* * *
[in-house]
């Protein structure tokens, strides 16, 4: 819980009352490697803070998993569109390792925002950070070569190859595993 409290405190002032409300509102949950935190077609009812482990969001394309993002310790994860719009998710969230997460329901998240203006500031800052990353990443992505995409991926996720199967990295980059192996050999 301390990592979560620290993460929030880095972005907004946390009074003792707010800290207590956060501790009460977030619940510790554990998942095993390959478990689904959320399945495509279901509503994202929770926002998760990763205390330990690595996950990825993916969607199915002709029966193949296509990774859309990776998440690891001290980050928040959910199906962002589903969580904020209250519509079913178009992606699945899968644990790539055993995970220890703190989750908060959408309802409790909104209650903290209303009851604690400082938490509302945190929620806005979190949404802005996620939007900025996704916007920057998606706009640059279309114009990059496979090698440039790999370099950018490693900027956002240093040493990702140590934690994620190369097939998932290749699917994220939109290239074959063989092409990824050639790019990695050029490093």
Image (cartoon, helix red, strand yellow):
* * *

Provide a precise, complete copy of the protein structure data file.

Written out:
[in-house]
């Protein structure tokens, strides 16, 4: 819980009352490697803070998993569109390792925002950070070569190859595993 409290405190002032409300509102949950935190077609009812482990969001394309993002310790994860719009998710969230997460329901998240203006500031800052990353990443992505995409991926996720199967990295980059192996050999 301390990592979560620290993460929030880095972005907004946390009074003792707010800290207590956060501790009460977030619940510790554990998942095993390959478990689904959320399945495509279901509503994202929770926002998760990763205390330990690595996950990825993916969607199915002709029966193949296509990774859309990776998440690891001290980050928040959910199906962002589903969580904020209250519509079913178009992606699945899968644990790539055993995970220890703190989750908060959408309802409790909104209650903290209303009851604690400082938490509302945190929620806005979190949404802005996620939007900025996704916007920057998606706009640059279309114009990059496979090698440039790999370099950018490693900027956002240093040493990702140590934690994620190369097939998932290749699917994220939109290239074959063989092409990824050639790019990695050029490093």
Image (cartoon, helix red, strand yellow):